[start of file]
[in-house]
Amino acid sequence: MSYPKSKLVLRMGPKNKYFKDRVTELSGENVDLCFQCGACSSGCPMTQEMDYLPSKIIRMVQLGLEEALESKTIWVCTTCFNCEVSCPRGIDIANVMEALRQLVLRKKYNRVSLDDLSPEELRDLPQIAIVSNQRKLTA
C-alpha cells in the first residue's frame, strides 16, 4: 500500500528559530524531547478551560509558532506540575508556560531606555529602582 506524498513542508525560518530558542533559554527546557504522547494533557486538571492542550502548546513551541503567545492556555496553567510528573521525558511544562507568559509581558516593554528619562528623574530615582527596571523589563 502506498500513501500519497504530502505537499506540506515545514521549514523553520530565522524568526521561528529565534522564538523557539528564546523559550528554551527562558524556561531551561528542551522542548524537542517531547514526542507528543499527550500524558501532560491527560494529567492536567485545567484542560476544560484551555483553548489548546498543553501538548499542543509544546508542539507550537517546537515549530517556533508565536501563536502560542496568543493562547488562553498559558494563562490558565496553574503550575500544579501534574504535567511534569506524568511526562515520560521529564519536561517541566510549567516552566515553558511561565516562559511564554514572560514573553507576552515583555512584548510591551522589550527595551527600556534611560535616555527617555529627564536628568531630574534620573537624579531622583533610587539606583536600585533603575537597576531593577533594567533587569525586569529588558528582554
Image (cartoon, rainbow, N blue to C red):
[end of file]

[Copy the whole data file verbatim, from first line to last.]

[in-house]
Amino acid sequence: MSYPKSKLVLRMGPKNKYFKDRVTELSGENVDLCFQCGACSSGCPMTQEMDYLPSKIIRMVQLGLEEALESKTIWVCTTCFNCEVSCPRGIDIANVMEALRQLVLRKKYNRVSLDDLSPEELRDLPQIAIVSNQRKLTA
C-alpha cells in the first residue's frame, strides 16, 4: 500500500528559530524531547478551560509558532506540575508556560531606555529602582 506524498513542508525560518530558542533559554527546557504522547494533557486538571492542550502548546513551541503567545492556555496553567510528573521525558511544562507568559509581558516593554528619562528623574530615582527596571523589563 502506498500513501500519497504530502505537499506540506515545514521549514523553520530565522524568526521561528529565534522564538523557539528564546523559550528554551527562558524556561531551561528542551522542548524537542517531547514526542507528543499527550500524558501532560491527560494529567492536567485545567484542560476544560484551555483553548489548546498543553501538548499542543509544546508542539507550537517546537515549530517556533508565536501563536502560542496568543493562547488562553498559558494563562490558565496553574503550575500544579501534574504535567511534569506524568511526562515520560521529564519536561517541566510549567516552566515553558511561565516562559511564554514572560514573553507576552515583555512584548510591551522589550527595551527600556534611560535616555527617555529627564536628568531630574534620573537624579531622583533610587539606583536600585533603575537597576531593577533594567533587569525586569529588558528582554
Image (cartoon, rainbow, N blue to C red):